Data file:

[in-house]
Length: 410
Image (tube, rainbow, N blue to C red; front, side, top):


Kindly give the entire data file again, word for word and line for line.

[in-house]
Length: 410
Image (tube, rainbow, N blue to C red; front, side, top):